The approved plans for the housing estate identified a local open space but the land in question had been built up into a substantial mound of material with relatively steep sides rising to a central plateau covered with grass and planting.
The appellant argued that no breach of planning control had taken place as the council did not impose any conditions requiring the open space to be flat or the submission of details on land levels. Referring to the approved and indicative plans to assist in interpretation of the permission, as established by the courts, the inspector was satisfied that these clearly indicated that the appeal site was largely level when the application was made and intended to remain so. She observed the lack of a specific planning condition does not enable works that were not part of the approved plans or required to implement the planning permission, and decided that the works did not fall within the scope of the planning permission. The inspector disagreed with the appellant that R v Basildon DC ex parte Martin Grant Homes 1987, in which finished levels varying from those shown on the original application plan were held to be incorporated in the full permission, assisted their case as it differed significantly from the appeal.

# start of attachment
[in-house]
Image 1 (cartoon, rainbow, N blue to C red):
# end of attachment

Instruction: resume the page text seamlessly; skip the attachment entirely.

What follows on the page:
Turning to the deemed application, the inspector concluded the mound stood out as an incongruous feature that dominated its surroundings and affected its usability by residents as an open space. The retention of the development, albeit at a reduced height, would not remedy the breach of planning control and she refused permission. Finding the appeal had failed other than an extension of time under ground (g), she upheld the enforcement notice.
Inspector: Debbie Moore; Written representations